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"And when the morning arose, then the angels hastened Lot, saying, Arise, take thy wife and thy two daughters which are here; lest thou be consumed in the iniquity of the city," Gen. xix, 15.

LoT was, in many respects, very unlike his great kinsman, Abraham. He was by no means a generous or heroic man. His were not the piety and the faith of his uncle. And yet there were some amiable circumstances in his conduct; such, for instance, as his following the patriarch into Canaan; and his kind reception of the two strangers, when he dwelt in Sodom. But by far the greater part of his conduct bespoke a selfish and a covetous mind: and one thing, above every other, is remarkable throughout all the notices we have of his life, namely, that he was of a weak and irresolute temper of mind, susceptible of any and every impression, without long retaining the traces of the most powerful.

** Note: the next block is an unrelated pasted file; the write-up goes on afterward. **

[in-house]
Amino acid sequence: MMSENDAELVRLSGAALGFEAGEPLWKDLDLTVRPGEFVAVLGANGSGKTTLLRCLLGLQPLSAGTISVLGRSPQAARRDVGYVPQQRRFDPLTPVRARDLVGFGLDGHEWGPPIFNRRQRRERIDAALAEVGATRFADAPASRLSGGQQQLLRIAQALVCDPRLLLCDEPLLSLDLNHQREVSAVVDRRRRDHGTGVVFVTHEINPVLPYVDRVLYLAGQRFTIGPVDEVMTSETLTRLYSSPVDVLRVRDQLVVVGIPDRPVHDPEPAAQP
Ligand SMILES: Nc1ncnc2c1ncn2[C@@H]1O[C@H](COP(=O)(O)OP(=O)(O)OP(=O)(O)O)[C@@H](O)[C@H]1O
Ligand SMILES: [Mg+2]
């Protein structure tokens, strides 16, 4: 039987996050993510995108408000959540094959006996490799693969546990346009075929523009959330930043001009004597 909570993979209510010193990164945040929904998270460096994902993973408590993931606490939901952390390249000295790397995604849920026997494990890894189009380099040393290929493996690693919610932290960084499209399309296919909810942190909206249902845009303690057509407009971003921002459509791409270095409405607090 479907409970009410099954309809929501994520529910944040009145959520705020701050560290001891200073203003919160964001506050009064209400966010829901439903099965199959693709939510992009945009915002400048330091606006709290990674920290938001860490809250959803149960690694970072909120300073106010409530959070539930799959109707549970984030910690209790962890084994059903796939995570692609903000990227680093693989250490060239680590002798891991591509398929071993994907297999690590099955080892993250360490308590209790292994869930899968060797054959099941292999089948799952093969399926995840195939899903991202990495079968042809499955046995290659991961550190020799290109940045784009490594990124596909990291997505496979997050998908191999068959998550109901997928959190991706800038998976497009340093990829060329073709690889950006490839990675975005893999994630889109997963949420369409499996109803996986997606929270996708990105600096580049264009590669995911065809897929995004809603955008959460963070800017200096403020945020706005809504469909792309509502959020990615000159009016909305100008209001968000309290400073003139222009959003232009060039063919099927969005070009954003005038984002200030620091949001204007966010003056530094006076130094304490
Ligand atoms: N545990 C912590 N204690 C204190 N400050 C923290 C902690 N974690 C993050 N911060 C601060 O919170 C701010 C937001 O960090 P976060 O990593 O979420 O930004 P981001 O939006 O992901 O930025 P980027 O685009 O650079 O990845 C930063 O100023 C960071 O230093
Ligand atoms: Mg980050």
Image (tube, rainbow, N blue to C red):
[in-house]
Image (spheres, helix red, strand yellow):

If we keep this leading remark in view, that irresolution and inconstancy (the one as the cause, the other as the effect) were the principal infirmities in his character, we shall then be able to account for several of his actions which, otherwise, would appear enigmatical. Smitten with the noble qualities of his kinsman, and overcome by his generous condescension, his heart overflowed with gratitude and admiration; so much so, that having learned that Abraham meditated a removal into some distant land, in consequence of a divine admonition to that effect, he volunteered his services to follow in his train; as though, like Abigail, when David